Familiar PBS characters appear in new coding app for kids

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Kids can use the new PBS app to make stories with characters from Peg + Cat and other shows.

PBS member stations will soon be able to help kids make their favorite characters move and talk with the PBS Kids ScratchJr app, which teaches kids basic concepts of coding and storytelling.

Designed for children 5 to 8 years old, the game includes elements of Wild Kratts, WordGirl, Peg + Cat and Nature Cat. Kids can move blocks of code around on a iPad or Android tablet to make the characters move.

Tablets were chosen as the game’s platform because younger kids can more easily play on larger screens. “Because of the age range we’re looking at, the tablet is much more accessible,” said Sara DeWitt, vice president of PBS Kids Digital.

PBS aims to integrate ScratchJr into classrooms and after-school activities during the spring of 2016 through teacher training and expanded online educational materials following a pilot funded by Verizon, according to DeWitt.

The app launched Dec. 3 in conjunction with Hour of Code, a national initiative to demystify coding and computer science by exposing students to coding in clasrooms during Computer Science Education week, Dec. 7–13.

The app’s developers saw ScratchJr as an opportunity to help kids understand the many screens that they interact with and to realize that humans make what they see on screens, DeWitt said.

The project was funded by a previous cycle of the Department of Education Ready to Learn initiative grants. PBS keeps the budgets of individual projects confidential, according to a PBS spokesperson by email.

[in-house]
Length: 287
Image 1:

Ten pilot stations backed by Verizon will refine and expand free materials already online, including broadcasters in Phoenix, Pittsburgh and Las Vegas, said Justina Nixon-Saintil, director of education at the Verizon Foundation. Participating stations will be finalized in mid-January, according to PBS, and will already have the technology needed for the enrichment programs. (UPDATE: PBS has confirmed that participants will include Vegas PBS; KBTC in Tacoma, Wash.; and WHRO in Norfolk, Va. Others are yet to be determined.)

Verizon will fund PBS’s purchasing of technology for after-school events and weeklong camps during spring and summer breaks, Nixon-Saintil said, as well as initial teacher training and curriculum development. She would not disclose how much Verizon is spending on the project.

PBS member stations will run the programs, but Verizon may provide additional support staffers depending on final locations.

The Verizon Foundation and PBS have been in talks for several years about creating a coding app to promote critical thinking in lower grades, Nixon-Saintil said. The effort marks Verizon’s first time partnering with PBS to teach kids in kindergarten through third grade how to code.

DeWitt said coding is another kind of literacy for children. Kids often send PBS stories they write that mix characters from different shows, DeWitt said. “This takes that opportunity for creation and expression and layers coding on top of that,” she said.

Storytelling and self-expression are central to the application and PBS, she said. Along with reading and math, coding rounds out PBS’s curriculum offerings and furthers the science and media literacy goals of Ready To Learn, she said.

PBS developed the app in collaboration with MIT’s Media Lab and a Tufts University research group that studies how technology can help young people achieve their goals.

The ScratchJr app is based on Scratch, a programming language designed for 8- to 16-year-olds that helps kids and teens think systematically, creatively and logically, according to its website, where users can create games and animations.

Coding is a 21st-century skill that PBS sees an emerging demand for, but looking at the “whole child” for early education is still key, DeWitt said.

“We’re not trying to create a bunch of little computer scientists,” DeWitt said.

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